How Was 2017 for European Markets?

At the start of 2017, elections in many European countries brought some political uncertainty to the European markets.

Sushree Mohanty - Author

Nov. 20 2020, Updated 3:05 p.m. ET


How was 2017 for Europe?

At the start of 2017, elections in many European countries brought some political uncertainty to the European markets. Investors feared that rising political uncertainty could weaken European asset prices and ultimately challenge global markets.

The euro (FXE) fluctuated at the beginning of the year due to the uncertainty of election results in the Netherlands, Germany, and France. State Street Global Advisors predicted that the euro would bounce back in the second half of 2017 if European Union-friendly parties won and the European Central Bank considered quantitative easing. That is precisely what happened. European markets bounced back after the elections and so did the euro with a rise of 11.7% YTD.

The MSCI Europe Index (IEV), which covers large-cap and mid-cap companies across 15 developed markets in Europe, had a staggering growth of ~21% YTD in 2017. All the developed countries in Europe that are part of this index enjoyed tremendous growth in 2017.

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Who were the winners in Europe in 2017?

Tthe best-performing European markets were Austria (EWO) with a gain of 54.8%, Denmark (EDEN) with a gain of 30.5%, the Netherlands (EWN) with an increase of 28.6%, Italy with a gain of 25.6%, and France (EWQ) with a gain of 25.2%.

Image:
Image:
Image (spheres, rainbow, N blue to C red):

The Wiener Borse AG reported that better domestic demand and healthy economic activity in the neighboring countries like the Czech Republic, Slovakia, Hungary, and Germany had been the driving factor in Austria’s growth acceleration this year. According to the Organization for Economic Co-operation and Development (or OECD), the real GDP growth rate for Austria is expected to be around 2.9% in 2017 and 2.4% for 2018.

Though Denmark’s economy struggled in 3Q17, it is expected to bounce back in 4Q17 and end the year on a strong note. A Reuters report on December 8 stated that Denmark’s center-right minority government has managed to secure support for 2018’s budget from its populist ally, the Danish People’s Party (or DPP). According to OECD’s forecast, the country’s real GDP will be 2.1% for 2017 and 1.9% for 2018.

Italy’s (EWI) economic recovery accelerated in 2017 driven by domestic demand and consumer spending led by tax cuts for low earners. Fitch Ratings mentioned in a report in November that the national election in 2018 likely won’t result in a government dedicated to euro-skeptic policies.

Like other European countries, France (EWQ) is on the path of economic recovery as well. According to OECD data, the real GDP growth rate for France is expected to be around 1.81% for 2017 and 1.80% for 2018.

Winners in the emerging markets in Europe

Among the emerging markets in Europe, Poland (EPOL) was another rising star in 2017. The MSCI Poland Index gained 48.3% despite the country’s ruling Law & Justice Party facing criticism from the European Union. According to OECD forecast, the country’s real GDP for 2017 is expected to be 4.3% for 2017 and 3.5% for 2018.

Other emerging markets in Europe that caught investors’ attention were Hungary with a gain of 33%, Greece (GREK) with a gain of 26.1%, and the Czech Republic with a gain of ~26% YTD in 2017.

Let’s move on to discuss Asia’s performance in 2017.


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